Mesothelioma is an aggressive cancer that affects the mesothelium, which is a thin tissue that lines the internal organs of our body. There are several types of the disease, and its variations are related to the place where it is located. The most common cases are the pleural. This is when the tumor is located in the pleura of the lungs, and the peritoneal, which is located in the organs of the lungs and abdominal region. The symptoms of this cancer also depend on its location.
It’s common for veterans to have been exposed to dangerous asbestos and suffer from mesothelioma. Prior to the 1980s especially, veterans had a higher chance of asbestos exposure, so veterans make up a lot of mesothelioma cases. Traveling to faraway locations such as the Middle East or Southeast Asia, veterans may have encountered asbestos in old buildings, at shipyards, in construction settings, or in a range of other areas.
Let’s take a look at the global mesothelioma survival rate. In general, mesothelioma develops very quickly, so the diagnosis is usually made when the disease is already in an advanced stage. This makes treatment difficult since it is more effective if there is an earlier diagnosis. Treatment consists of chemotherapy, radiation therapy, and/or surgery.
Prognostic statistics for a certain type and stage of cancer are given as the survival rate. For example, the 5-year survival rate is equivalent to the percentage of patients who live at least 5 years after being diagnosed with cancer. A 5-year survival rate of 50%, that is, about 50 patients out of 100 have, on average, a 50% survival 5 years after diagnosis. It is worth mentioning that some of these patients live up to 5 years after diagnosis.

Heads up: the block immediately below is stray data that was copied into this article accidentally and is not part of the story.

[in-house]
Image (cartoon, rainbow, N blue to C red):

Survival rates are based on past results from large numbers of patients who have had the disease, making it impossible to predict what will happen to each individual patient. It has a series of limitations to take into account, such as:
- The survival rates reported below are the most current available. However, the 5-year survival rates were obtained from patients who were evaluated and treated at least 5 years ago. However, there have been improvements in treatment techniques, resulting in a prognosis that may be more favorable for patients currently diagnosed and treated for mesothelioma.
- The prognosis for patients with mesothelioma varies depending on the stage of the disease. In general, survival rates appear mainly in patients who have cancer at an early stage. Nevertheless, there are other factors that can interfere with a patient’s prognosis, such as the patient’s age and health, as well as the disease’s response to treatment.
These statistics are provided based on the stage of cancer at the time of diagnosis. Only the doctor, who is monitoring your case, can tell you how the numbers below may apply.
The figures reported below are drawn from thousands of patients around the world who had mesothelioma diagnoses between 2000 and 2013. These data are only for mesothelioma that started in the pleura (the most common place).
- The survival rate for stage IA is 46% in 2 years and 16% in 5 years.
- The survival rate for stage IB is 41% in 2 years and 13% in 5 years.
- The survival rate for stage II is 38% in 2 years and 10% in 5 years.
- The survival rate for stage IIIA is 30% in 2 years and 8% in 5 years.
- The survival rate for stage IIIB is 26% in 2 years and 5% in 5 years.
- The survival rate for stage IV is 17% in 2 years and 1% in 5 years.
Talk to a Doctor
It is worth remembering that survival rates are only estimates and are not used to predict what may happen to an individual patient. Talk to your accompanying physician to better understand how the statistics can be applied to your specific case.